Wednesday, February 23, 2000

Hanging Up

Posted By on Wed, Feb 23, 2000 at 12:00 AM

Let’s face it. The best feel-good movies usually make us feel a little bad before they lay the good part on us. Diane Keaton’s Hanging Up definitely meets that criterion and then some. Keaton directs and stars in this often painfully real tale of three sisters, three cellular phones and two tragic, aging parents.

Walter Matthau takes the part of dad and rolls with it – in a wheelchair, that is. A desperate, angry, needy alcoholic abandoned by his wife (Cloris Leachman), he turns to his daughters for attention and support. Eve (Meg Ryan) is the good daughter; pretty, decent, and as faithful and reliable as Lassie. She spends much of her time basking in intense memories of her childhood or patiently listening to her father’s stories about rubbing elbows with John Wayne, while Georgia (Keaton) and Maddy (Lisa Kudrow) are busy with their own careers. Both make believable characters, even though one is a glamorous publishing magnate and the other is a pretentious soap opera star.

At times, the flustered, eccentric sisters descend into self-absorption while the actors who play them move dangerously close to reminding us of one of those nauseatingly peppy blondes in the hair-color commercials. When Eve smashes into a doctor’s Mercedes Benz in a parking garage, she smiles and pleads her way out of a ticket and a lawsuit. In a hospital hallway, we almost expect Eve to break out into an a cappella version of "I Am Woman."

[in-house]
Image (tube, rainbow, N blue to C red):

But for these shaky scenes there are many moving, funny and engrossing moments in Hanging Up. Connected by a strange emotional bond and, of course, their cellular phones, Eve, Georgia and Maddy laugh, fight and cry without making us want to throw up. Now that’s an accomplishment almost as great as Matthau’s uncanny ability to make a selfish, dirty old man seem pitiable, even charming.

Send comments to


We welcome readers to submit letters regarding articles and content in Detroit Metro Times. Letters should be a minimum of 150 words, refer to content that has appeared on Detroit Metro Times, and must include the writer's full name, address, and phone number for verification purposes. No attachments will be considered. Writers of letters selected for publication will be notified via email. Letters may be edited and shortened for space.

Email us at

Support Local Journalism.
Join the Detroit Metro Times Press Club

Local journalism is information. Information is power. And we believe everyone deserves access to accurate independent coverage of their community and state. Our readers helped us continue this coverage in 2020, and we are so grateful for the support.

Help us keep this coverage going in 2021. Whether it's a one-time acknowledgement of this article or an ongoing membership pledge, your support goes to local-based reporting from our small but mighty team.

Join the Metro Times Press Club for as little as $5 a month.

More by Norene Cashen

Most Popular

Read the Digital Print Issue

September 22, 2021

View more issues


Never miss a beat

Sign Up Now

Subscribe now to get the latest news delivered right to your inbox.

Best Things to Do In Detroit

© 2021 Detroit Metro Times - Contact Us

Website powered by Foundation